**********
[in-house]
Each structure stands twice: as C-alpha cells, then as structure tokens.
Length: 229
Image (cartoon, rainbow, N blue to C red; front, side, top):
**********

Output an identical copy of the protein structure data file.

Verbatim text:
[in-house]
Each structure stands twice: as C-alpha cells, then as structure tokens.
Length: 229
Image (cartoon, rainbow, N blue to C red; front, side, top):